One of the winners of the Abraaj Group Art Prize unveiled at the Art Dubai fair this week is Vartan Avakian. A Very Short History of Tall Men is a collection of portraits of would-be dictators, not-so-strong men who lasted only a few days or weeks and were quickly forgotten. He has cast detailed miniature gold statues of the men and suspended them in globes of synthetic glass, like insects in amber.
Three judges (including myself) – gathered together in May this year at a posh Edwardian hotel on Bloomsbury Street to argue over a book prize – would emerge at different times to stroll about the area. All of us had glanced at our neighbour, the Socialist Bookshop, but Jane Smiley, the tallest (in every sense) among us, had noticed an air of quiet celebration in its window-displays. The effects of the crash were still reverberating in the Western world (though India had recovered more quickly than expected); and a new complex of emotions seemed to have surfaced in the bourgeois of almost every political persuasion – a mix of panic; rage; a strange, sweet schadenfreude; a nostalgia for erstwhile simplicity; a sudden premonition of the inevitable. In Calcutta, however (where I’ve been spending most of each year since the turn of the century), socialism had never gone away.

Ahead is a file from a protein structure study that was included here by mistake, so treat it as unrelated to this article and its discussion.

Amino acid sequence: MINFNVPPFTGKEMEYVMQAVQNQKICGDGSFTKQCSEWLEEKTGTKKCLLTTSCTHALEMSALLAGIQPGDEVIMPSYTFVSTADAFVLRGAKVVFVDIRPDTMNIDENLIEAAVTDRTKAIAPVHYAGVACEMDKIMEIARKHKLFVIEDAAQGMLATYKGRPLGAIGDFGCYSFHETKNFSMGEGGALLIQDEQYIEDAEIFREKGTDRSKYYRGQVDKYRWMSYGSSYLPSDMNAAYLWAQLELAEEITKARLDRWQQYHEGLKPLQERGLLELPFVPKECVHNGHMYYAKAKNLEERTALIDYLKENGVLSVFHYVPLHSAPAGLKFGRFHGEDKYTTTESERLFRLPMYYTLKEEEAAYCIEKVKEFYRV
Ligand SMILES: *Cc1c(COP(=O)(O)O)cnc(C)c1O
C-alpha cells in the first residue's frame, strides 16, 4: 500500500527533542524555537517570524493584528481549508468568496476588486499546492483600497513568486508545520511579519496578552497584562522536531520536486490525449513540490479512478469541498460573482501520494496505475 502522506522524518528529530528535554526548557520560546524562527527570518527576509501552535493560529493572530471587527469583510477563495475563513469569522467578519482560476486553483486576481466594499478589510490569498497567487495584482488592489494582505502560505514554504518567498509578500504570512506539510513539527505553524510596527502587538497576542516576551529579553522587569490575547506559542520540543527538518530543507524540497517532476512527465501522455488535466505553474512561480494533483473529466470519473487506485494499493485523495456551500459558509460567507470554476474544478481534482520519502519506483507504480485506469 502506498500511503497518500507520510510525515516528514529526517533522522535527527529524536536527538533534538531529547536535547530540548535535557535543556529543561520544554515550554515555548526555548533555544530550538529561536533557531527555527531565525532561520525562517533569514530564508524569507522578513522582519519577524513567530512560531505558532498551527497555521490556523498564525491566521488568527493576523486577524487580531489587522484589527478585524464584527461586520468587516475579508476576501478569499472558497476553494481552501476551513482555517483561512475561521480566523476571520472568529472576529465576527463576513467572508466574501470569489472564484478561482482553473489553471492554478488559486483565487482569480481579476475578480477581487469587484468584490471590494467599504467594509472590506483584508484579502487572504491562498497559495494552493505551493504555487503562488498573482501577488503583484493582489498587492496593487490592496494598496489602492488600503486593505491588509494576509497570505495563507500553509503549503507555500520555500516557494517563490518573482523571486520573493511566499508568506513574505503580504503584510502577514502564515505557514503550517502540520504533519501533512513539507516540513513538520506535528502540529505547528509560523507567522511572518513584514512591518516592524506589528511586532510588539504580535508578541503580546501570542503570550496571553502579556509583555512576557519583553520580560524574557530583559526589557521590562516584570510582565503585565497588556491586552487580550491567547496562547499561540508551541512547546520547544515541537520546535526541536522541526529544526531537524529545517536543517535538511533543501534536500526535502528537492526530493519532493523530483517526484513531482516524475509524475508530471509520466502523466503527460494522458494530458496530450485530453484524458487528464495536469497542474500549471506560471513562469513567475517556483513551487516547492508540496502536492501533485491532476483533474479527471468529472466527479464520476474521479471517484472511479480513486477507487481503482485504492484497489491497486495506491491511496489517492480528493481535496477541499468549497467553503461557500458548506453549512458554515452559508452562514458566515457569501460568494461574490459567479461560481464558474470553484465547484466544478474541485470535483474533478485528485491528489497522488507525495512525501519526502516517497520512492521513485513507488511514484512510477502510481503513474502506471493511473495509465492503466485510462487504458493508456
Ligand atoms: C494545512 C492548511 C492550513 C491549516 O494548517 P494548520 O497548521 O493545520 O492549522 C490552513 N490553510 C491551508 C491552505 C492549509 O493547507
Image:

Dubai’s latest moment of turmoil is being talked up as a test of ‘Islamic finance’. But is it really? The problem: in 2006 Nakheel Development Ltd issued bonds to the value of three and a half billion dollars, and can’t pay out when they mature next week. The issue in question is ‘sharia-compliant’. This kind of bond, known as a ‘sak’ (plural ‘sukuk’) has seen huge growth in the Islamic and non-Islamic world over the last ten years. I’ve explained how sukuk work in the LRB and how state borrowers and corporations in the West are getting keen on them: The UK Treasury had been planning an issue but it went on hold after the banking meltdown; last month General Electric issued $500 million of sukuk with Middle Eastern investors in view. Very roughly, a bond is Islamic when there’s a tangible underlying asset on which the issue is based – for instance real estate – and when there are no guarantees saying the investor can’t lose: risk has to be shared between borrower and lender. The rapid convergence of Islamic and conventional finance plus the high-level collaboration between intellectuals and product-engineers in both camps have done wonders for sharia-compliant instruments, but there are pitfalls. One is the preference of conventional investors for a guarantee on some kind of return. That’s not permissible in Islamic finance, though if you’re an investment banker or corporate fundraiser you might find a sharia expert who could see a way around the difficulty and put his imprimatur on your product to make it attractive. Looking for a friendly scholarly opinion on a product is known as ‘fatwa shopping’.